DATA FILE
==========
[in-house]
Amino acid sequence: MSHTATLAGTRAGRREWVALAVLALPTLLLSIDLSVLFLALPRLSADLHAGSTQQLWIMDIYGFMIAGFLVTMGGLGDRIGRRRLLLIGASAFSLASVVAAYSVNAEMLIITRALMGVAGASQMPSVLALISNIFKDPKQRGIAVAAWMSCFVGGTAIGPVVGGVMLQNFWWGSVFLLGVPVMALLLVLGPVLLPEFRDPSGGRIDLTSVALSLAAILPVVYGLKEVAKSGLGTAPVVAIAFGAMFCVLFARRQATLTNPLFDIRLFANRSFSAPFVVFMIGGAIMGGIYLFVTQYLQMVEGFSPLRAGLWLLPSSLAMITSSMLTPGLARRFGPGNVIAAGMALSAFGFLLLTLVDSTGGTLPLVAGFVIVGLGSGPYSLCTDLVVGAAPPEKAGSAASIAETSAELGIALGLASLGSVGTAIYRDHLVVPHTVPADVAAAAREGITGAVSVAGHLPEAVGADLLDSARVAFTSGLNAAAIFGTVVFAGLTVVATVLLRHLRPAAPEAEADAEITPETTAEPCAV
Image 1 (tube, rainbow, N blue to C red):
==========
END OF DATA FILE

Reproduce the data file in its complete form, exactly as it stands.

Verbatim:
[in-house]
Amino acid sequence: MSHTATLAGTRAGRREWVALAVLALPTLLLSIDLSVLFLALPRLSADLHAGSTQQLWIMDIYGFMIAGFLVTMGGLGDRIGRRRLLLIGASAFSLASVVAAYSVNAEMLIITRALMGVAGASQMPSVLALISNIFKDPKQRGIAVAAWMSCFVGGTAIGPVVGGVMLQNFWWGSVFLLGVPVMALLLVLGPVLLPEFRDPSGGRIDLTSVALSLAAILPVVYGLKEVAKSGLGTAPVVAIAFGAMFCVLFARRQATLTNPLFDIRLFANRSFSAPFVVFMIGGAIMGGIYLFVTQYLQMVEGFSPLRAGLWLLPSSLAMITSSMLTPGLARRFGPGNVIAAGMALSAFGFLLLTLVDSTGGTLPLVAGFVIVGLGSGPYSLCTDLVVGAAPPEKAGSAASIAETSAELGIALGLASLGSVGTAIYRDHLVVPHTVPADVAAAAREGITGAVSVAGHLPEAVGADLLDSARVAFTSGLNAAAIFGTVVFAGLTVVATVLLRHLRPAAPEAEADAEITPETTAEPCAV
Image 1 (tube, rainbow, N blue to C red):